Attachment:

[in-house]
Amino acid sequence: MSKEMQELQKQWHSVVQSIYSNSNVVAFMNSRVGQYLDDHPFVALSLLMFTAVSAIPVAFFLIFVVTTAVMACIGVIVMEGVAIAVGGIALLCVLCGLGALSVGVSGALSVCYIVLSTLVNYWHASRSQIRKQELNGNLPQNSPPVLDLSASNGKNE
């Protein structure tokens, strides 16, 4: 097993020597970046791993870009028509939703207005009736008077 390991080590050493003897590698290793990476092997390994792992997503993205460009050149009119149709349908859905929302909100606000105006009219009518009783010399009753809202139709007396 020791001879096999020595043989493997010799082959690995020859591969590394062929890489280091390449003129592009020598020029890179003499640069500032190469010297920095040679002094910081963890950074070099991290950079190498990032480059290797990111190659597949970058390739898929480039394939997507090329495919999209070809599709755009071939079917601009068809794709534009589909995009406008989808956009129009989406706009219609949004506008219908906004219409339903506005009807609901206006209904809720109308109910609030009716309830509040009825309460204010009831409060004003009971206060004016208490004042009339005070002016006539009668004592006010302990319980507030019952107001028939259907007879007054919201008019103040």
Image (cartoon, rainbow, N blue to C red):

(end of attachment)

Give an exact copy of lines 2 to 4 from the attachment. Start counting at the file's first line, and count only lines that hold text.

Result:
Amino acid sequence: MSKEMQELQKQWHSVVQSIYSNSNVVAFMNSRVGQYLDDHPFVALSLLMFTAVSAIPVAFFLIFVVTTAVMACIGVIVMEGVAIAVGGIALLCVLCGLGALSVGVSGALSVCYIVLSTLVNYWHASRSQIRKQELNGNLPQNSPPVLDLSASNGKNE
């Protein structure tokens, strides 16, 4: 097993020597970046791993870009028509939703207005009736008077 390991080590050493003897590698290793990476092997390994792992997503993205460009050149009119149709349908859905929302909100606000105006009219009518009783010399009753809202139709007396 020791001879096999020595043989493997010799082959690995020859591969590394062929890489280091390449003129592009020598020029890179003499640069500032190469010297920095040679002094910081963890950074070099991290950079190498990032480059290797990111190659597949970058390739898929480039394939997507090329495919999209070809599709755009071939079917601009068809794709534009589909995009406008989808956009129009989406706009219609949004506008219908906004219409339903506005009807609901206006209904809720109308109910609030009716309830509040009825309460204010009831409060004003009971206060004016208490004042009339005070002016006539009668004592006010302990319980507030019952107001028939259907007879007054919201008019103040």
Image (cartoon, rainbow, N blue to C red):